Immediately after digging up the rocks, you find your first enemy.  This thing is slow-moving and pretty powerless, so it’s not hard to figure out that a whack of the shovel does the trick.  Plus, you have plenty of health, so if you try out the Super Mario Bros. logic of jumping on an enemy and find that it doesn’t work, you’re still good to go.

Now we have our first platforms — a cluster of three with another slow-moving beetle on the tallest one.  This teaches the player to jump and slash at the same time, and lets them get a feel for the timing.  Immediately afterward we see our first dirt block on top of a platform (a key element in the rest of the game) and two beetles underneath.  In this case you can break the dirt block and ignore the beetles, go under to fight the beetles and get some treasure, or do both.  Whatever you do, you’ve dealt with a new scenario.

Then we come to a wall of dirt blocks in the way of progression, just past a bottomless pit.  Most players will know to break through the dirt and not try to go down the pit to progress.  Even if you make that error, the stakes are low and you can still recover your gold.  Let’s move on.

The player's first time shovel-bouncing.
The player’s first time shovel-bouncing.

The game then teaches you another core mechanic of the game: downward attacks.  This is the first time we see a dirt block that we can’t hit from the side.  But they’re clearly breakable because there’s stuff below them and there are no other paths.  The only thing to do here is experiment with the buttons and movement.  Eventually you find out that jumping and holding down on the control stick allows you to bounce on certain blocks with your shovel.  The bouncing is also shown off by the fact that there are two blocks stacked on each other.  Right away you have a pretty complete sense of how this mechanic works.

Shovel-bouncing gets the player across tricky gaps.
Shovel-bouncing gets the player across tricky gaps.

This is important, because your next obstacle is a gap that can only be crossed by shovel-bouncing off of a respawning bubble.  This may take a couple tries, but after getting past it, you know how to use the shovel bounce to do tricky platforming.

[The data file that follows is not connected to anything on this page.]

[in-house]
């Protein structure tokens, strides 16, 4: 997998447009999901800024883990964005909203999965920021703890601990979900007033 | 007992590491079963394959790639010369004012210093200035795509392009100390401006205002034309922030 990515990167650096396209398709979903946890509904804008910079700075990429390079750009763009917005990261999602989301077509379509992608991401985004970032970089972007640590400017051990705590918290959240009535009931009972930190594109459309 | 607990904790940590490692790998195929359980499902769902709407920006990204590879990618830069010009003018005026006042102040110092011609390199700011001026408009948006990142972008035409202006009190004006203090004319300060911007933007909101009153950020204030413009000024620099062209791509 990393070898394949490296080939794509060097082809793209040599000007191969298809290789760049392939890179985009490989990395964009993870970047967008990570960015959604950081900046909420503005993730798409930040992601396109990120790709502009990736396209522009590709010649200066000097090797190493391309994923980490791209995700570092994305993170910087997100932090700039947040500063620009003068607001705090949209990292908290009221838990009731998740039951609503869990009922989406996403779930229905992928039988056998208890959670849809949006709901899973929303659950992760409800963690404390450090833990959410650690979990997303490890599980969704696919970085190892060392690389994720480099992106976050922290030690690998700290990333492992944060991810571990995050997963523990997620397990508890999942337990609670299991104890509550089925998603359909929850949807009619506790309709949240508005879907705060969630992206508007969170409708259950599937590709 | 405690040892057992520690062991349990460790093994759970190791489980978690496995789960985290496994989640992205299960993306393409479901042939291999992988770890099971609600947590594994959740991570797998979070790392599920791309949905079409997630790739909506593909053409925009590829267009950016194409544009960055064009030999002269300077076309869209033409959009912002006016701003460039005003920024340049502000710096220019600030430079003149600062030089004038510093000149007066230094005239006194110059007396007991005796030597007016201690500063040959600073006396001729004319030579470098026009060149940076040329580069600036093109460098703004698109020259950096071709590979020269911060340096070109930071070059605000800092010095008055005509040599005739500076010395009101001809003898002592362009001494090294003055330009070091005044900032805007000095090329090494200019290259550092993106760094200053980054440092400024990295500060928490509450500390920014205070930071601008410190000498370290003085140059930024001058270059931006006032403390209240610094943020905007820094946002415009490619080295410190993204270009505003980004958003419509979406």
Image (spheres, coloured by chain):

The first checkpoint and a moving platform!
The first checkpoint and a moving platform!

Next up we find our first checkpoint and our first moving platform, which is again teaching without telling.  The placement of these elements is key, because we then see a moving platform over spikes, and spikes are the only thing other than falling that kill you instantly.  If you hit the spikes accidentally, it’s no big deal because you just hit a checkpoint.  If you die, you go back to the previous screen, and now you know how checkpoints work if you didn’t already.

A big, not-so-friendly dragon teaches the player about vulnerable spots.
A big, not-so-friendly dragon teaches the player about vulnerable spots.

Next we see our most interesting enemy yet: a big, yellow, cat-like dragon whose weakness is bouncing on his head.  Now we know that certain enemies have specific vulnerable points.  And once we defeat him, we see certain special enemies drop lots of treasure and even health.

The player destroying a wall.
Tear the walls down!

Go down the ladder to fight another new enemy: the skeleton.  The skeleton reacts to your attacks and movements in a way the beetles didn’t.  Therefore, you have to be smarter about how you fight him.  On the next screen, we learn about secret walls.  The game drops you into a situation that looks like a trap, but there’s a clear spot you have to reach.  Right in front of you is a wall with a little notch, and striking it reveals a new pathway.  These pathways can hide enemies, though, so be cautious!

By this point, every basic mechanic of Shovel Knight has been taught to you: the rest of the level teaches you to look for different paths to get interesting rewards and to bounce off enemies to get to gems.  Some rewards are hidden behind secrets that are even harder to notice.  You even learn how to cancel out a line of shovel bounces to go after a gem.

The first boss fight in the game.
The first of many face-offs with the Black Knight.

Everything the player learns about combat then culminates in a stage boss.  This also allows you to learn about reflecting projectiles and countering specific attack patterns.